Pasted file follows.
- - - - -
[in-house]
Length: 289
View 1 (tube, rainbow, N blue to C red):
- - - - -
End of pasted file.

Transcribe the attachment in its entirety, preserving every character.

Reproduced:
[in-house]
Length: 289
View 1 (tube, rainbow, N blue to C red):